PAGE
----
Thomas Henry Huxley PC PRS FLS (; 4 May 1825 – 29 June 1895) was an English biologist specialising in comparative anatomy. He is known as “Darwin’s Bulldog” for his advocacy of Charles Darwin‘s theory of evolution.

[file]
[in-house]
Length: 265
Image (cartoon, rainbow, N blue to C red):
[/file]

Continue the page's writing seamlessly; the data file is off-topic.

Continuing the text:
Huxley’s famous debate in 1860 with Samuel Wilberforce was a key moment in the wider acceptance of evolution and in his own career. Huxley had been planning to leave Oxford on the previous day, but, after an encounter with Robert Chambers, the author of Vestiges, he changed his mind and decided to join the debate. Wilberforce was coached by Richard Owen, against whom Huxley also debated about whether humans were closely related to apes.